Why tornadoes are among a hurricane’s potent threats
Hurricane Irma wasn’t the only vortex that the southeastern US had to worry about Sunday. The cyclone spawned tornadoes in parts of Florida in the morning and afternoon and could produce more — typical of hurricanes that get enough of their circulation over land.
Most of Florida and parts of Georgia were under tornado watches Sunday as the hurricane’s destructive core powered its way into Florida’s Gulf Coast, and tornado warnings followed.
One tornado damaged homes in east-central Florida’s Palm Bay late Sunday morning, the National Weather Service said — while Irma’s eye wall was spinning off the Everglades, more than 150 miles to the southwest.
That tornado’s location — well away from the hurricane’s core, and in the storm’s front-right quadrant (relative to the hurricane’s direction) — is typical for cyclone-produced tornadoes. Here are some things to know about twisters in hurricanes:
Land-striking hurricanes are conducive to tornadoes …
Nearly all tropical cyclones that hit the United States produce at least one tornado, “provided enough of the … cyclone’s circulation moves over land,” the National Oceanic and Atmospheric Administration said.
Why? Tornadoes thrive in part on strong vertical shear, which means a difference in horizontal winds’ direction and speed at different heights. And tropical cyclones offer a lot of vertical shear.
… especially in the front-right quadrant (in the Northern Hemisphere)
In the Northern Hemisphere, this vertical shear is especially pronounced in a tropical cyclone’s front-right (generally the northeast) quadrant.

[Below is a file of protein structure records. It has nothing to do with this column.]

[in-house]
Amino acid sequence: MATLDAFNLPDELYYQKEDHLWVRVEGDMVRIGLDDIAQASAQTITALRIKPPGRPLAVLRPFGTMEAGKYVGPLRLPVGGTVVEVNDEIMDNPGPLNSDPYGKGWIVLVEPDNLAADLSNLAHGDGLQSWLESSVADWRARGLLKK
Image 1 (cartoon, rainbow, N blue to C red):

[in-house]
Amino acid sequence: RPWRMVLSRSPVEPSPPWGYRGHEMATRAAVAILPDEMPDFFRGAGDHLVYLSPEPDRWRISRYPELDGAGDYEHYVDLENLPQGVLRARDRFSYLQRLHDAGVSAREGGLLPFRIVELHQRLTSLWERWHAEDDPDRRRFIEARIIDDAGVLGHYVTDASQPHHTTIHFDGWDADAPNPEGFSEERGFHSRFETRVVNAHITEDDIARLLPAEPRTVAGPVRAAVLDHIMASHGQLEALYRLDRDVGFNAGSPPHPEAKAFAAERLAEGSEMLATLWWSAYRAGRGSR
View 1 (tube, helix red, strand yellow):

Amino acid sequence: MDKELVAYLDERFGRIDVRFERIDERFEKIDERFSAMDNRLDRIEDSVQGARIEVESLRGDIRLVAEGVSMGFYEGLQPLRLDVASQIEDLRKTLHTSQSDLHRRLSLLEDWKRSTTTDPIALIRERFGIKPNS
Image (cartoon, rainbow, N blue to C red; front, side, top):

That’s because, in this hemisphere, a cyclone rotates counterclockwise, and on the east side of the storm, the “outer bands come on shore at an angle typically bringing winds from the southeast,” CNN meteorologist Taylor Ward said.
Meanwhile, winds in higher levels of the atmosphere generally come from the west or southwest in the United States.
“So, usually the eastern side of the storm has winds opposite of the winds aloft, so that’s where you have high levels of (vertical) sheer,” Ward said.
They’re often well away from the cyclone’s eye …
Most tornadoes happen in a tropical cyclone’s outer rain bands, about 50 to 200 miles from the center, though some have been spawned near the inner core, NOAA said.
These tornadoes might be a little weaker, and dissipate faster, than a tornado spawned in, say, the US Central Plains. Besides vertical sheer, tornadoes thrive on an unstable atmosphere — and most instability happens at lower altitudes for a tropical cyclone than for a storm at higher latitudes, NOAA said.
So, the tornado-producing storm cells from a hurricane “tend to be smaller and shallower,” according to NOAA.
… but they pop up with relatively little warning
The combination of shear and instability that a hurricane offers still produces small supercell storms that are more likely to spawn tornadoes than ordinary thunderstorm cells, NOAA said.
And hurricane-produced tornadoes can form quickly and dissipate quickly. “There’s not a ton of warning to them,” Ward said.
In a hurricane’s outer bands, tornadoes represent a burst of concentrated destruction in an area that otherwise might not see the devastating levels of wind produced by the hurricane’s core.